Military 'practice bomb' from the '60s found on New Year's Eve on California beach

Military ‘practice bomb’ from the ’60s found on New Year’s Eve on California beach

A corroded bomb believed to be over a half-century old washed up on a California beach during a storm and was found on New Year’s Eve, Santa Cruz authorities said.

The ordnance, which washed up in the small beach town of Pajaro Dunes, was deemed inert by the Santa Cruz Sheriff’s Office bomb team.

The sheriff’s office said on Facebook that it is believed to be a “practice bomb” used by the U.S. military in the 1960s, which washed up or was uncovered by the powerful surf and strength of the waves last week.

Pajaro Dunes is along the Monterey Bay coastline, which was hit with high surf Thursday, causing flooding in low-lying areas of the California coastline and waves of up to 40 feet in others. Santa Cruz County issued warnings for people in several coastal areas to be ready to evacuate.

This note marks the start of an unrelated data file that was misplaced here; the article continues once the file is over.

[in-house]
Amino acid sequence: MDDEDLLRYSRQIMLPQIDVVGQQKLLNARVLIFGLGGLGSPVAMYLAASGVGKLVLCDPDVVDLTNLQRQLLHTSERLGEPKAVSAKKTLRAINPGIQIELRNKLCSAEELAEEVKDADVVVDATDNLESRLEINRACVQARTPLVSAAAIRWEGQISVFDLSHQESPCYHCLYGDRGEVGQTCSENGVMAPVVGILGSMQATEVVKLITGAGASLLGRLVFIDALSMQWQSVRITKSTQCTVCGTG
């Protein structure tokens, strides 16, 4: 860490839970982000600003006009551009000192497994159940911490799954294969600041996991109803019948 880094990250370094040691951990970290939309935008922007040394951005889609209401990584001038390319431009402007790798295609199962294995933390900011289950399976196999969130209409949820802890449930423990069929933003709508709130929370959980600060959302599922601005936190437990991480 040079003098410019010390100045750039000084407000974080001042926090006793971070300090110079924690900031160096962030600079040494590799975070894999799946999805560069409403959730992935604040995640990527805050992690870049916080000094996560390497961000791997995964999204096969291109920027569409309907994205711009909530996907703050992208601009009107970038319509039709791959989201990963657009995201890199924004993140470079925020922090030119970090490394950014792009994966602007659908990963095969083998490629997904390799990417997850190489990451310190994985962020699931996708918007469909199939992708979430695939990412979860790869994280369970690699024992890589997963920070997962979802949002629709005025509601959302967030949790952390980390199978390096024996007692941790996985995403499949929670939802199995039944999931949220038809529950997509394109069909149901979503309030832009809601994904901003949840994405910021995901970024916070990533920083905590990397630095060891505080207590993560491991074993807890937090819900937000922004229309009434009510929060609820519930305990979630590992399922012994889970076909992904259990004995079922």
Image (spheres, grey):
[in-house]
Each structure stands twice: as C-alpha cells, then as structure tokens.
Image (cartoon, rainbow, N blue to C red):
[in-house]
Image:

In Ventura County, which is south of Santa Cruz, a video shows people fleeing a wave that broke over a sea wall, sweeping cars and debris through the streets.

The recent storms washed up what was determined to be inert military ordnance.Santa Cruz Sheriff’s OfficeThe Santa Cruz County Sheriff’s Office shared a photo of a bomb squad member dressed in a blast suit carting the bomb down the beach on New Year’s Eve.

The sheriff’s office thanked personnel from Travis Air Force Base, in Solano County, for collecting the bomb.

Natalie Kainz

Natalie Kainz is a news associate for NBC News.  » …
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